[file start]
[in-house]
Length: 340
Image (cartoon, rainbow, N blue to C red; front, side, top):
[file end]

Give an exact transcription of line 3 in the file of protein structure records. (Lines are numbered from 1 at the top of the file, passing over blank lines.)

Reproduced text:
Image (cartoon, rainbow, N blue to C red; front, side, top):